DURHAM, N.C. (AP) — Mary "May" Segal picked up a cough last week, so she didn't hit the pool for her usual water aerobics session Monday morning. Nor did she climb onto her beloved "NuStep" exercise machine. She did, though, manage a slow lap of the tiny indoor track at the Duke Health & Fitness Center, accepting congratulations as she inched along with her walker.
It was, after all, a victory lap. And not just because the ever-cheerful Segal reached 100 years old Monday with a sharp mind, relatively good health and enough fitness not only to move around but to exercise three days a week.
It was also a victory for dozens of her workout friends, who regard the tiny Segal as a giant yardstick.
If she can do it, why not them?
"You give me inspiration to come here, you really do," said her friend Annie McClain, 78, who comes to work out on the same days as Segal - Mondays, Wednesdays and Fridays.
It's impossible, of course, to know all the reasons Segal has stayed so healthy so long. But she has stuck to healthy habits all her life.
As a girl she was athletic, playing tennis and basketball at Durham High School, where she was the shortest player on the hoops team at 5 feet even (she's 4 feet, 8 inches now).
And all her adult life, she has favored motion over being sedentary. "Instead of taking a bus, I'd walk everywhere," she said.
She and a sister were the longtime owners of a custom drapery shop in Durham called Textile Sales.
About the time she retired, she was diagnosed with heart problems. It was then that she began her regular exercise regimen, first at the fitness center's predecessor, on an outdoor track and by repeatedly climbing the stairs at Duke's Wallace Wade Stadium.
That was 35 years ago.
Then in 1991, the Duke Health & Fitness Center opened. These days, she comes in about 9:15 a.m., does her pool routine, then four laps of the track and about 30 minutes on the NuStep, a machine that you sit in while working your legs as if you were climbing stairs, and your arms as if you were cross-country skiing.
She also chats nonstop with her admirers, essentially everyone in the place.
"She calls it her social club, and she says it's what keeps her going," said her daughter, Eileen Abramson. "And if that's what keeps her going, I'll keep bringing her here."
Since Segal's diagnosis in 1978, there has been a growing emphasis on preventing cardiovascular disease, not just treating it. But she had already been doing many of the things that doctors and researchers recommend to lengthen your life and keep its quality high.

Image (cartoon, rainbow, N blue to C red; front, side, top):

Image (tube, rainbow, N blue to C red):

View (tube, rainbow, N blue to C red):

She hasn't eaten red meat since she was about 10 years old, and eats chicken only once a month or so, typically when she's a guest somewhere and doesn't want to offend. That all started, she said, because she likes animals.
She won't eat fried food and uses no oil. And she has two small squares of dark chocolate a day, a foodstuff that in moderation has several positive health effects, research suggests.
It's about the only food she doesn't dose with Texas Pete.
"I put it on everything, and I mean everything," she said.
The Texas Pete folks got wind of that infatuation - and Segal's birthday - and a gift is on the way. "I'm pretty sure I know what it is," her daughter said.
It's not only what Segal eats, but how much, said Abramson, who herself turned 72 Monday and also seems much younger that her years suggest.
There is no supersizing.
"She has always been very, very careful about portions," Abramson said. "And so if the potato chip package says a serving is 10 chips, she will count out 10 chips."
Still, her health hasn't been perfect. A decade or so ago she developed diabetes. And she has high blood pressure. But she has been able to keep both in check with medicine and her lifestyle.
And six years ago, she fell and broke her hip, which for the elderly can be the end of mobility and the start of a slide into poor health.
A doctor said she would never walk again, Abramson said. "But here she is; she's a good healer."
Another key to her longevity may be a low-stress demeanor.
"She believes there's good in everybody," her daughter said. "And she's always calm. I'll get wound up about certain things, and she'll always say, 'Let it go, let it go.'"
She was even calm Monday, despite the hoopla, which included being serenaded with "Happy Birthday" by friends and staff as she arrived, presentation of a lifetime membership, and letters from the mayor, the governor, a U.S. senator and the president of the United States and famously fit first lady.
Three times, her friend Francis Stephans gathered crowds of exercisers to cut the cake, but Segal got distracted by well-wishers. Everyone wanted hugs and to chat, and the squad of young staff members asked for a group photo.
McClain cornered Segal for the freshly minted centenarian's umpteenth hug of the day.
"I'm going to follow," McClain said. "I have a good way to go, but I plan to reach there, and if I have a sharp mind like yours, it will be worth it."
Segal beamed and looked around a semi-circle of well-wishers.
"Well, I thank all of you for paying so much attention to me," she said. "This will be something to remember for a long time."
Information from: The News & Observer, http://www.newsobserver.com